This project is read-only.

How to use the demo

First, build the project. The demo is based off of Going Beyond tutorials 1 and 2 in the xna help file. The controls are the same. Basically, use an Xna compatible gamepad to control the ship. The left stick rotates the ship, and the right trigger accelerates it. The more you press the trigger, the faster it goes, and the more the gamepad rumbles. If you get lost, press a to reset the ship. The start button resets everything.

However, this is a demo of the console, not a demo on how to draw a model, or how to control it with a gamepad. To open the console, press the ~ (tilde) key. You will be given a prompt that looks like this:

###
### Xna Console V.1.0.1
###
>>>_


That blinking underscore is your cursor. Hopefully, it will act the way you expect it to. You can type letters in the normal fashion, and it even repeats characters when you hold them. You can move your cursor left and right with the left and right arrow keys, but only as far as the end of the line. You can also use the home and end keys to quickly reach the beginning and end of the line. Backspace and delete both work, and delete the previous and next characters respectively. The tab key currently adds four spaces.

Ok, now that you understand the basic features of the text input system, let's use the console to do something interesting!

First of all, the game adds itself to the interpreter as a global variable, so that we can access its members directly from the console. If you want to see what they are, type in:

>>> print dir(game)


This will print the members of game. Now that we know what they are, we can change some of them. Try changing the Acceleration, RotRate, and CameraPosition variables, and see how they effect the game. For example:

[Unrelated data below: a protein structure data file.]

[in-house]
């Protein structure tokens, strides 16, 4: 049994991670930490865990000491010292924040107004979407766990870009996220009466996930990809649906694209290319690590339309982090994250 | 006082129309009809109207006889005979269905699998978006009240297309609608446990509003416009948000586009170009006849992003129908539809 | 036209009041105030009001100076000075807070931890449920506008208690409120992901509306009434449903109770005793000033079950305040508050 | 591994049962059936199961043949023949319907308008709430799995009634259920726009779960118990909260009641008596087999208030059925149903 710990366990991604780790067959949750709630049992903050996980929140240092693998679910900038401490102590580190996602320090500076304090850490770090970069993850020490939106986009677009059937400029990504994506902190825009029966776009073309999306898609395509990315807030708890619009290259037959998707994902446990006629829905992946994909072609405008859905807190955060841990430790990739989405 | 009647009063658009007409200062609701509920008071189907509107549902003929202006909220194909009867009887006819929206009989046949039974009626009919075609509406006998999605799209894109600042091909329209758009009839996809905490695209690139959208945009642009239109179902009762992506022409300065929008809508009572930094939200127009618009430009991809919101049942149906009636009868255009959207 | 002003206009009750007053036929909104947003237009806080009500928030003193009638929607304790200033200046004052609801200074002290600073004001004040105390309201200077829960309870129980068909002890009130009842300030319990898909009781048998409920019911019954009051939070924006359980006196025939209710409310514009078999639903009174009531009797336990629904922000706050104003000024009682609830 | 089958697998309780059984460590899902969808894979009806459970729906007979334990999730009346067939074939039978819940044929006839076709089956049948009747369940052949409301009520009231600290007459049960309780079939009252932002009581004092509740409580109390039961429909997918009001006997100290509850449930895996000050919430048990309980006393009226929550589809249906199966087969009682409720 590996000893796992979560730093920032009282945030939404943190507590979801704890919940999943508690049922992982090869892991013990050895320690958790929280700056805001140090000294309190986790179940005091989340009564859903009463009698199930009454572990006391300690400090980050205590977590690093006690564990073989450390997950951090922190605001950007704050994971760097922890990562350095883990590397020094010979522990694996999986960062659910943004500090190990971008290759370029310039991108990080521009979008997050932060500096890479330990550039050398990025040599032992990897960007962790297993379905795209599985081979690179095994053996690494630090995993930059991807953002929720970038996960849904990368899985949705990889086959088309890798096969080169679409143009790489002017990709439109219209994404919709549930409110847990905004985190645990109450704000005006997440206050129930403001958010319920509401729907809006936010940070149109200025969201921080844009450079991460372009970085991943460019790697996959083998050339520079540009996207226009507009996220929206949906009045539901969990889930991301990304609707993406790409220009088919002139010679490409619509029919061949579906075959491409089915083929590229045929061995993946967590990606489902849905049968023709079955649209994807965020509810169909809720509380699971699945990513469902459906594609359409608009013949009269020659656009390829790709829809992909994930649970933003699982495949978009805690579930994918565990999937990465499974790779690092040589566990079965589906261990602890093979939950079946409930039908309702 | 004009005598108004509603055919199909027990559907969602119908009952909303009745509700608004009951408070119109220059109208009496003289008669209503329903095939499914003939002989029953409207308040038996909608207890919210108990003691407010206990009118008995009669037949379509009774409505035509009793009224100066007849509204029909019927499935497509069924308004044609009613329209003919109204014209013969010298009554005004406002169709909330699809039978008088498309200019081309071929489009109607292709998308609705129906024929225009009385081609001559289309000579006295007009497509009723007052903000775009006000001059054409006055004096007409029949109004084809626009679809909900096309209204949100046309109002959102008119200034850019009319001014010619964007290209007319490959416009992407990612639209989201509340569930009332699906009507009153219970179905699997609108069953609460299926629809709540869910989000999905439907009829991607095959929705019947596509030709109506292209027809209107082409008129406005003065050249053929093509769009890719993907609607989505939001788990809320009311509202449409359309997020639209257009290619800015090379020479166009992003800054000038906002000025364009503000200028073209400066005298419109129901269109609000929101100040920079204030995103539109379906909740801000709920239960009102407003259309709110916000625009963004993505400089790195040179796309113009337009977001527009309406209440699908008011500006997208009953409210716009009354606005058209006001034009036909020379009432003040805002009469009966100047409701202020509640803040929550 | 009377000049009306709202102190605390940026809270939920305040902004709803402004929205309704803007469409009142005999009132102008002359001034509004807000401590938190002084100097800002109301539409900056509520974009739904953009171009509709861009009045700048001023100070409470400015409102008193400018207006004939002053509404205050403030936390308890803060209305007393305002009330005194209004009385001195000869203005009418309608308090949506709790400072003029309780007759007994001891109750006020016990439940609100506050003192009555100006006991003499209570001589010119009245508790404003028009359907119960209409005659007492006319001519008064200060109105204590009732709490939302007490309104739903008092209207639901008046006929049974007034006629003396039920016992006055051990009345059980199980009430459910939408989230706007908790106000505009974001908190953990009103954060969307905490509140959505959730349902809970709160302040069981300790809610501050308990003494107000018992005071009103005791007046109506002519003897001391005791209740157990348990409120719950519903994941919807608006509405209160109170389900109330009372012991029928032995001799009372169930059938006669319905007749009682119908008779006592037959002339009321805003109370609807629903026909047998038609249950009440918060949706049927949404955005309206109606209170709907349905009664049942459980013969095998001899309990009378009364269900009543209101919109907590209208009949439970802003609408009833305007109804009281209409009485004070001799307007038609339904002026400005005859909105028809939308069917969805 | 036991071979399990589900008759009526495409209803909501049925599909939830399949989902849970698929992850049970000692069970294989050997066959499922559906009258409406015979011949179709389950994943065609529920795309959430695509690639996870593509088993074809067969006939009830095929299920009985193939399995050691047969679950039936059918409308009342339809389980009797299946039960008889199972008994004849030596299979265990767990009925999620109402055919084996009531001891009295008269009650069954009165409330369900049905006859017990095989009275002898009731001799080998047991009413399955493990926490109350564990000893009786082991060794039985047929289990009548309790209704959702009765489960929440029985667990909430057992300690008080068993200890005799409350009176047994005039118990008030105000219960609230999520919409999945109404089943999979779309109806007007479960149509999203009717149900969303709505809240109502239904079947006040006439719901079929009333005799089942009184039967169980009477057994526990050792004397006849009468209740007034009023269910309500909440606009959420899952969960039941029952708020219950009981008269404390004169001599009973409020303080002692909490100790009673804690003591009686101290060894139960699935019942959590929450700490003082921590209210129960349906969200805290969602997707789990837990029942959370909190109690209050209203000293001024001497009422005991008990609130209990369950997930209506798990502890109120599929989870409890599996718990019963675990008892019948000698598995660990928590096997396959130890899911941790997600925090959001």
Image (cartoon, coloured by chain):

>>> game.Acceleration = 2.0


will make the ship move twice as fast when you pull the trigger the same distance.

>>> game.CameraPosition = Vector3(0, 5000, 1)


will put the camera directly on top of the ship.

The python interpreter included can handle multi line input, so the following will work:

>>> for i in range(10):
...     print i
... 
0
1
2
3
4
5
6
7
8
9
>>>


It will start a multiline section when you end a line with ":", and will terminate the block when you enter a blank line. Note, the console does not as yet auto indent, or handle tabs. If you type in a tab, it will just output four spaces.

Finally, to close the console, just press the ~ key again. It will preserve your ouput and command history for you, so that it will still be there when you open it again. Of course, if you want to clear the output, just type in

>>> Console.Clear()


If you want to exit the game, you can type in:

>>> game.Exit()

Last edited Sep 30, 2009 at 11:41 PM by Shader, version 2

Comments

Eversor Nov 24, 2010 at 11:08 AM 
Ok, i have an Italian keyboard and i've seen there is an "Italian bindings" setup, any "best way" to use the console in my scenario? Thanks for the project, it's very useful!